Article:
Emerging Fungal Infections: New Species, New Names, and Antifungal Resistance

Research output: Contribution to journalReview articlepeer-review

30 Scopus citations


Background: Infections caused by fungi can be important causes of morbidity and mortality in certain patient populations, including those who are highly immunocompromised or critically ill. Invasive mycoses can be caused by well-known species, as well as emerging pathogens, including those that are resistant to clinically available antifungals. Content: This review highlights emerging fungal infections, including newly described species, such as Candida auris, and those that having undergone taxonomic classification and were previously known by other names, including Blastomyces and Emergomyces species, members of the Rasamsonia argillacea species complex, Sporothrix brasiliensis, and Trichophyton indotinae. Antifungal resistance also is highlighted in several of these emerging species, as well as in the well-known opportunistic pathogen Aspergillus fumigatus. Finally, the increased recognition and importance of fungal co-infections with respiratory pathogens, including severe acute respiratory syndrome coronavirus 2 (SARS-CoV-2), is discussed. Summary: Both clinicians and clinical microbiology laboratories should remain vigilant regarding emerging fungal infections. These may be difficult both to diagnose and treat due to the lack of experience of clinicians and laboratory personnel with these organisms and the infections they may cause. Many of these fungal infections have been associated with poor clinical outcomes, either due to inappropriate therapy or the development of antifungal resistance.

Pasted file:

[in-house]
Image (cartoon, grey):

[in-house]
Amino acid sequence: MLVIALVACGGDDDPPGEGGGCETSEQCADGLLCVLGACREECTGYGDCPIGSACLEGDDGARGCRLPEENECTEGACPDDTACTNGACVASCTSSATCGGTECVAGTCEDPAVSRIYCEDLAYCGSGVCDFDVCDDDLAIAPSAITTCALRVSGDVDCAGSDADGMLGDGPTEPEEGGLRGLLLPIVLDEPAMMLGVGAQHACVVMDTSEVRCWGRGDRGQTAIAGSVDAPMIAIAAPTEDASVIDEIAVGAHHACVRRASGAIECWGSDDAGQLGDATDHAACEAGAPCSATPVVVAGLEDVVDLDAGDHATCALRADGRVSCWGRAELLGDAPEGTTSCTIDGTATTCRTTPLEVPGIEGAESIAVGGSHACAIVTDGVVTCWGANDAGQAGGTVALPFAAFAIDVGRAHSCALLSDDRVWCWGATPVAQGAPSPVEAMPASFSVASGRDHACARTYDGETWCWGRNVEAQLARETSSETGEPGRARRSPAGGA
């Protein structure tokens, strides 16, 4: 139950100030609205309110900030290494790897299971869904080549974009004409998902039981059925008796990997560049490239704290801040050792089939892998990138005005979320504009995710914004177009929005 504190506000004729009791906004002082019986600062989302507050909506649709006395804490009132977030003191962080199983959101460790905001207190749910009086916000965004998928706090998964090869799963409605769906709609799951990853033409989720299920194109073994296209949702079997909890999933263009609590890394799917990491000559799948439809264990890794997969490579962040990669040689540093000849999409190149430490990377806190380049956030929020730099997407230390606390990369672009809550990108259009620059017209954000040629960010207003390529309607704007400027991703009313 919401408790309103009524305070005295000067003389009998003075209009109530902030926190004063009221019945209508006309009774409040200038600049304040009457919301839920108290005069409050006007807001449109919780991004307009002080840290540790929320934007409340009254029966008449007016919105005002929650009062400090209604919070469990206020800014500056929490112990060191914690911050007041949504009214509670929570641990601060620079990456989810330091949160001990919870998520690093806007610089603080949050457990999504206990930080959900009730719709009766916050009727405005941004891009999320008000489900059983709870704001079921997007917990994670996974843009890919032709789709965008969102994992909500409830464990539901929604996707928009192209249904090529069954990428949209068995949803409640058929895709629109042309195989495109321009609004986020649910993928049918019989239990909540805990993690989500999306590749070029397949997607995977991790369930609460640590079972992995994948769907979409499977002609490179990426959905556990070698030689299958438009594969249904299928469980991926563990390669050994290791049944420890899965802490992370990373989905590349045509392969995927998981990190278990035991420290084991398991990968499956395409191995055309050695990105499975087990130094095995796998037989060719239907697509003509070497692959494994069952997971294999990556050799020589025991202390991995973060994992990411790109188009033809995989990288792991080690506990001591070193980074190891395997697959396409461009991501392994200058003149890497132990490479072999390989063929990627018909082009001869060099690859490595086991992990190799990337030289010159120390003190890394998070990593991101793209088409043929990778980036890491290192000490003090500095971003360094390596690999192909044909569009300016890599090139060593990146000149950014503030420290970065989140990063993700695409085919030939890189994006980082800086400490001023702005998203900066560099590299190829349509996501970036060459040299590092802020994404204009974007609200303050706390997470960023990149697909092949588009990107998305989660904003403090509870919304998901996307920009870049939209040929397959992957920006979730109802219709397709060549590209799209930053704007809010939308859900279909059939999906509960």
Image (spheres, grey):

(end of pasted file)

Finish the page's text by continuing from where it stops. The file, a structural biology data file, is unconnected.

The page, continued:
Original languageEnglish (US)
Pages (from-to)83-90
Number of pages8
JournalClinical Chemistry
Issue number1
StatePublished - Jan 1 2022


  • Aspergillus
  • COVID-19
  • Candida auris
  • antifungal resistance
  • emerging fungal infections
  • mucormycosis
  • mycosis

ASJC Scopus subject areas

  • General Medicine


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